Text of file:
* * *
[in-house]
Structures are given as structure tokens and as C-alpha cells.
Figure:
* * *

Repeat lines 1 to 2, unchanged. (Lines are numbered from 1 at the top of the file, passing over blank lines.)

[in-house]
Structures are given as structure tokens and as C-alpha cells.